On the other hand, the Hang Power Clean is a variation of the Power Clean, which, in turn, is a more explosive variant of the Clean. Similar to the Hang Clean, the Hang Power Clean begins with the barbell hanging at the hips. The lifter then pulls the barbell up to the shoulders, catching it in a front squat position, but with a greater emphasis on explosiveness. This means that the lifter relies more on momentum to help propel the barbell upward, requiring less raw power compared to the Hang Clean.

The primary distinction between the two exercises lies in the amount of power employed during execution. The Hang Clean demands a higher level of power, as the lifter must exert considerable force to elevate the barbell to shoulder height. In contrast, the Hang Power Clean involves less power, as the lifter can utilize momentum to assist in lifting the barbell.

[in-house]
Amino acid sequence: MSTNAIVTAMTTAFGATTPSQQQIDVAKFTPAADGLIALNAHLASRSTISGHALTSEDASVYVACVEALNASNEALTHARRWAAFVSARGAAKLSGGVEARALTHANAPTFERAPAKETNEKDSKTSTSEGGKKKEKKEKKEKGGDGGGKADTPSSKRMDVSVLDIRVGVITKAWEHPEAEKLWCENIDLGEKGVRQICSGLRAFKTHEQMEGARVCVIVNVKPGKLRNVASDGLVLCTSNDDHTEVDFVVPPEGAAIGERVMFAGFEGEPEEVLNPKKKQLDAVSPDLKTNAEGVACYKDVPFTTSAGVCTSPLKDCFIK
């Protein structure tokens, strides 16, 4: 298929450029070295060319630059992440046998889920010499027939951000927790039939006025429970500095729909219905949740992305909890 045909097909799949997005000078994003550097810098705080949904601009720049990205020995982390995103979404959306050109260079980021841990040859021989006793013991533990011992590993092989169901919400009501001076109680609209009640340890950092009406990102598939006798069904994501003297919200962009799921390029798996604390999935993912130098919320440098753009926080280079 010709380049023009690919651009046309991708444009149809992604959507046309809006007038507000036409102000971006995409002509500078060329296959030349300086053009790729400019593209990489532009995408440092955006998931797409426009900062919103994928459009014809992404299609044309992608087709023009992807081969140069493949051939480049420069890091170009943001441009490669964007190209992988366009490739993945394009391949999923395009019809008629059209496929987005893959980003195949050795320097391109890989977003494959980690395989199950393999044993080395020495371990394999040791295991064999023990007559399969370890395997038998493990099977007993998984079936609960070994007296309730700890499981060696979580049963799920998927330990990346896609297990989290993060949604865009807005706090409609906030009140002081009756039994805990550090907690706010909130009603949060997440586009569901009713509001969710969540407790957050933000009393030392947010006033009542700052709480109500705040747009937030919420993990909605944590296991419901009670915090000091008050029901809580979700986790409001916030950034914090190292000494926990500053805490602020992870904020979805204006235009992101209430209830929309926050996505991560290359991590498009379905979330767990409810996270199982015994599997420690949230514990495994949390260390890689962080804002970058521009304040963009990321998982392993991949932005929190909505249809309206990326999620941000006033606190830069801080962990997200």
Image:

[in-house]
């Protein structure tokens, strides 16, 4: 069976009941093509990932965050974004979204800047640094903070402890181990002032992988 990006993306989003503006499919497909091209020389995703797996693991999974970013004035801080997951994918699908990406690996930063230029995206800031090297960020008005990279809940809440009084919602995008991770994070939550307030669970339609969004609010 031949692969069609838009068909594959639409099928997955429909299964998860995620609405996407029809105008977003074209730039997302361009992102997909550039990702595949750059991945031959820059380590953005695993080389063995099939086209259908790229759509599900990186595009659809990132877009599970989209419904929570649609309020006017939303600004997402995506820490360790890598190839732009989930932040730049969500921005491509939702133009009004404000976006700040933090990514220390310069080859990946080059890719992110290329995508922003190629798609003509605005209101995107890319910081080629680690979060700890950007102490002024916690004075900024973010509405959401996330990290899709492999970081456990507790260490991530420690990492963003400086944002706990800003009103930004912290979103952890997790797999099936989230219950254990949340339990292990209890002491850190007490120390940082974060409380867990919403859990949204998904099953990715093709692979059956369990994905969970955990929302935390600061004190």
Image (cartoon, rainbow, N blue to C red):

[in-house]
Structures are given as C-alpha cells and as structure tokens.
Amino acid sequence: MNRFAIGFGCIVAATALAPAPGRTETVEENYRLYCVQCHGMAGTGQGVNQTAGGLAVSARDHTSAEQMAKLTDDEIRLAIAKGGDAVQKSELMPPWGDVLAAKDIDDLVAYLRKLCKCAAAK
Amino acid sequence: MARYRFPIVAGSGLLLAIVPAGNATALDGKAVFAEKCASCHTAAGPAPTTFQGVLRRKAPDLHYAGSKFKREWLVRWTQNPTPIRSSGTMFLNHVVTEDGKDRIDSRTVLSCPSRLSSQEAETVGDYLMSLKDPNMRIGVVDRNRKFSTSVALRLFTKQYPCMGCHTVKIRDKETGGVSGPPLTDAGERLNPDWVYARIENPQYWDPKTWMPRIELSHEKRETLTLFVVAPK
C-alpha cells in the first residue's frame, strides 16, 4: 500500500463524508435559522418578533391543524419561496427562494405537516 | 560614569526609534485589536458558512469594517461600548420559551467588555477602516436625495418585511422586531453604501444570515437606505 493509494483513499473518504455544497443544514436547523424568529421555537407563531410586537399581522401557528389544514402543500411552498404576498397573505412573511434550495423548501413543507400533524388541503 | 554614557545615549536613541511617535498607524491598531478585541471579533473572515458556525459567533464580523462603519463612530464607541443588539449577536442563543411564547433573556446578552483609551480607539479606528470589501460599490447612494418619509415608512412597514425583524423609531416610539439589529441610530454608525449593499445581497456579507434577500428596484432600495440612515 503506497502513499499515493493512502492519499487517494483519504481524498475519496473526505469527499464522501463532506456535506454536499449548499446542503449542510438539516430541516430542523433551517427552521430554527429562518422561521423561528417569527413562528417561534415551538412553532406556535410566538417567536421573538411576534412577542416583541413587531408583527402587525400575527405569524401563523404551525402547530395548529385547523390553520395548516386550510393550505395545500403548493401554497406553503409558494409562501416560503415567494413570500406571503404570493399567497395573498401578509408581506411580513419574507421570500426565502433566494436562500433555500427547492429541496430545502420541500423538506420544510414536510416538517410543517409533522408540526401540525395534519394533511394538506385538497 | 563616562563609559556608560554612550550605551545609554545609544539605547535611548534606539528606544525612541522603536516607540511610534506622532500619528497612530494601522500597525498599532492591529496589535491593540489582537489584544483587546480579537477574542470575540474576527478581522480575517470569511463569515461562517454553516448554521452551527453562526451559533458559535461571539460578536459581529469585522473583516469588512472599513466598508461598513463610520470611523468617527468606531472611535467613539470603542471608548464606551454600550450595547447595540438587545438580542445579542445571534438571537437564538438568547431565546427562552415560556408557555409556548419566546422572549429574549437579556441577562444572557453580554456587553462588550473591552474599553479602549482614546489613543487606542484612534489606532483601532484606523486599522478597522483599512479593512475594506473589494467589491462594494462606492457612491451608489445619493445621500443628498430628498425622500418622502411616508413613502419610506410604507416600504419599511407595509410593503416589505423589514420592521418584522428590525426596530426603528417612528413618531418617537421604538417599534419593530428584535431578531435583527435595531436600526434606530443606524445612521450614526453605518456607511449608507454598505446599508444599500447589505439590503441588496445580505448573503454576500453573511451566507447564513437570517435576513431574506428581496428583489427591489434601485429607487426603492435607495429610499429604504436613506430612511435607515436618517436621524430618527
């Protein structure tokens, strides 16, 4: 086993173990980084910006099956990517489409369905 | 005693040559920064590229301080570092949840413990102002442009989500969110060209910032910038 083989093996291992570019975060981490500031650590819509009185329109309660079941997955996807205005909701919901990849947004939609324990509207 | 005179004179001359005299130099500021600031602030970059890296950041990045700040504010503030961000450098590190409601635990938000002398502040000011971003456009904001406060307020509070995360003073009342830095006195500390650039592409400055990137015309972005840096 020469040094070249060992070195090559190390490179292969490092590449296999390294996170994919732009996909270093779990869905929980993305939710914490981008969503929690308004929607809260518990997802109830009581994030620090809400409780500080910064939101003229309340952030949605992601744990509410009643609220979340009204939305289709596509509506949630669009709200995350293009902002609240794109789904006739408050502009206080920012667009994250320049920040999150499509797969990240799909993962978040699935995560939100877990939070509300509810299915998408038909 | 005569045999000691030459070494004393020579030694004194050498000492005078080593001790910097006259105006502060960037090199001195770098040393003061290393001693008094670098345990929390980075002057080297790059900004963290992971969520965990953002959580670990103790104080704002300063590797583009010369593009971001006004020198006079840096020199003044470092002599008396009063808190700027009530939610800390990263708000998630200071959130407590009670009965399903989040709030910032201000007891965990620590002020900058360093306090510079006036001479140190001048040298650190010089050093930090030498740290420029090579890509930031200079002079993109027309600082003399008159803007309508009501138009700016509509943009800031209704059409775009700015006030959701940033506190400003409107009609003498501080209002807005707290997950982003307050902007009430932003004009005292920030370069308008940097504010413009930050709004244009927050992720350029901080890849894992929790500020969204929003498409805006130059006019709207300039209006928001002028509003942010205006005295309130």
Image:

Here is a table that summarizes the differences between the hang clean and hang power clean:

FeatureHang CleanHang Power Clean
Starting positionBarbell hanging from bar at hipsBarbell hanging from bar at hips
Pulling motionExplosiveLess explosive
Catching positionFront squatFront squat
Power usedMoreLess

Both the hang clean and hang power clean are valuable exercises designed to enhance power and strength in the legs, hips, back, shoulders, and arms. While both offer benefits, it’s important to note that the hang power clean requires more technical proficiency, making it less suitable for beginners. If you are new to weightlifting, starting with the hang clean is advisable. As you build strength and gain familiarity with the movement, you can gradually progress to the hang power clean to further challenge yourself and reap its benefits.